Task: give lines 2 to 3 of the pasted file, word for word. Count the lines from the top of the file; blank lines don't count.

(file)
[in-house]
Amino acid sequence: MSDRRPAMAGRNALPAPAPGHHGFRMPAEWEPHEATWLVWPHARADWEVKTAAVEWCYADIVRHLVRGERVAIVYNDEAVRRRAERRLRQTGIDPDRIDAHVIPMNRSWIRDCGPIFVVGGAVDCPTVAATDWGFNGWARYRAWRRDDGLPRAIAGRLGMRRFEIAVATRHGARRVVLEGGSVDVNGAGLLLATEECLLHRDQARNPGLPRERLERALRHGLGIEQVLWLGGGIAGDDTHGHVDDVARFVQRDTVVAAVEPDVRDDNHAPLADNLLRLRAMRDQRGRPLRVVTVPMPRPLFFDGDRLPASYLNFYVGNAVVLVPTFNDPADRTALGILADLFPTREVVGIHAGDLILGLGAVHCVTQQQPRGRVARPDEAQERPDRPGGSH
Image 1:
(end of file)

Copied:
Amino acid sequence: MSDRRPAMAGRNALPAPAPGHHGFRMPAEWEPHEATWLVWPHARADWEVKTAAVEWCYADIVRHLVRGERVAIVYNDEAVRRRAERRLRQTGIDPDRIDAHVIPMNRSWIRDCGPIFVVGGAVDCPTVAATDWGFNGWARYRAWRRDDGLPRAIAGRLGMRRFEIAVATRHGARRVVLEGGSVDVNGAGLLLATEECLLHRDQARNPGLPRERLERALRHGLGIEQVLWLGGGIAGDDTHGHVDDVARFVQRDTVVAAVEPDVRDDNHAPLADNLLRLRAMRDQRGRPLRVVTVPMPRPLFFDGDRLPASYLNFYVGNAVVLVPTFNDPADRTALGILADLFPTREVVGIHAGDLILGLGAVHCVTQQQPRGRVARPDEAQERPDRPGGSH
Image 1: